Management of urinary tract infections in the community; clinical audit and patient survey

Fisher, Stacey Jayne, Graham, Clive, Kennard, James and Jonker, Leon ORCID logoORCID: (2023) Management of urinary tract infections in the community; clinical audit and patient survey. British Journal of General Practice Open (BJGP Open) . BJGPO.2022.0191.

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Background: Urinary tract infection (UTI) is a common ailment but can develop into sepsis. The outcomes related to UTI may potentially be affected by both patient and clinician management of UTI.

Aim: To explore the circumstances around a single UTI episode, to determine if there are patient and clinician related variables that may contribute to differences in management.

Design & setting: Survey and clinical audit in 12 General Practices in England.

Method: Patients, n=504, completed a bespoke survey and their corresponding index UTI consultation was audited . The TARGET (Treat Antibiotics Responsibly, Guidance, Education and Tools) UTI audit toolkit was utilised.

Results: Males self-manage their UTI symptoms – eg, increased fluid intake ( P <0.001, Chi-squared test) and analgesic s use ( P 0.036, Chi-squared test) – and indicate they lack UTI knowledge when compared to females ( P 0.002, Kruskal-Wallis test). Males also claimed to have waited significantly longer for a consultation appointment ( P 0.027, Chi-squared test). Antibiotics were prescribed in 98% of all cases, with adherence to clinical diagnostic guidelines lowest in females <65 years. Only 41% (89/221 of cases in this guideline sub-cohort) would have been a UTI - according to TARGET criteria - following a medical record audit.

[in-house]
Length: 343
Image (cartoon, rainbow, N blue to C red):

Conclusion: UTI symptom management by clinicians is sub-optimal; (the lack of) symptoms are often insufficiently recorded in medical records. Additionally, suboptimal adhere to guidelines concerning urinalysis and microbiological investigation is common. Known increased clinical risks for males may be compounded by their more limited knowledge of (self)-managing UTI and their comparatively late presentation.

Item Type: Article
Journal / Publication Title: British Journal of General Practice Open (BJGP Open)
Publisher: Royal College of General Practitioners
ISSN: 2398-3795
Departments: Institute of Health > Medical Sciences
Additional Information: This is an Open Access article distributed under the terms of the Creative Commons Attribution 4.0 License (
Depositing User: Anna Lupton
Date Deposited: 04 Jul 2023 14:50
Last Modified: 04 Jul 2023 15:00


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